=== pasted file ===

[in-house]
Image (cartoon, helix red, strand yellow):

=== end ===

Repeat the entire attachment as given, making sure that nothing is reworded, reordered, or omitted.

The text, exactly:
[in-house]
Image (cartoon, helix red, strand yellow):